In addition to the high temperatures that are required for the transition between different states of matter, water as liquid and ice differ from most other substances in regards to another feature - most substances in the liquid state are characterized by a greater freedom of movement with molecules that are relatively far away from each other. With the transition to the solid state the molecules lose their freedom of movement and line up in a more dense and closed structure, resulting in a higher density for their solid state compared to their liquid state.
The story for water is a little different. When cooling water in the liquid form, its density is increased, but only up to 4°C. Continuing to cool the water below this temperature actually decreases its density. So ice is less dense than liquid water, and therefore floats in it.
(Almost) everything dissolves in water
Water is known as the “universal solvent” because a huge variety of substances can be dissolved in them. This dissolving action is witnessed in our every day lives - sugar and caffeine dissolve in water when we make coffee, menthol is dissolved in water when we brew tea with mint, and cooking salt or sodium glutamate is dissolved in water when cooking or preparing soup.
Many other substances also dissolve in water, and many of them are necessary for the survival of both animals and plants. In fact, all materials within our body are transported in a water environment, so it is essential to our daily survival that important substances dissolve in water.
Enzymes, hormones and proteins also dissolve in water and allow for the majority of cellular activities in our body. DNA dissolves in water and allows it to duplicate and be translated into proteins. Many gases, including oxygen, dissolve in water and this dissolved oxygen allows for the process of our breathing as well as the respiration of many sea creatures that live under the water. Even the transfer of electrical signals in the body is done with the help of ions – mostly metals – that are dissolved in water.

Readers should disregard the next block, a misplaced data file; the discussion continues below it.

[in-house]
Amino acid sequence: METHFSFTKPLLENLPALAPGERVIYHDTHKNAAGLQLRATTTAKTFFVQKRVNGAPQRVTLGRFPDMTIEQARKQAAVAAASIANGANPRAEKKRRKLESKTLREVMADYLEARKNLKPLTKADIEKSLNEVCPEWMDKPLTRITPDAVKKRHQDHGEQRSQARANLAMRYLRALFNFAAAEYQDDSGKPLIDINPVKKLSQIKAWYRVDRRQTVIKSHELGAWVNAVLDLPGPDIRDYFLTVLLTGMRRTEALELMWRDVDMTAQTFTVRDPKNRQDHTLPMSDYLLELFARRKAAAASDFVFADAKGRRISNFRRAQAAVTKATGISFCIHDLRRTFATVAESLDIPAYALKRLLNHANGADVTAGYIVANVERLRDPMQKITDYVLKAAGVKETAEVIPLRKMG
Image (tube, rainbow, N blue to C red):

Water’s high heat capacity
Simply put, when we talk about heat capacity it means a large amount of energy is required to heat water. This feature ensures the world’s oceans, rivers and lakes remain at much the same temperature throughout the year, despite their exposure to the energy that comes from the sun. In general, water is a major factor in climate balance. Heat capacity of water also allows the human body to easily maintain a fairly constant temperature.
Water molecules “like” to stay together
Water molecules always strive to be next to other water molecules. This desire manifests itself in two very interesting features for water - high surface tension and capillary action (capillarity).
When water is exposed to another medium, such as air, there is a layer of water molecules that are in the area of contact between water and air. This area, called water’s surface, is where water molecules are exposed to air. However, because the water molecules are seeking to be exposed to other water molecules only, those exposed to the air prefer to be exposed to water so they attempt to decrease their exposure to the other material. Thus the surface of the water behaves more as a stretched sheet of cloth determined not to tear.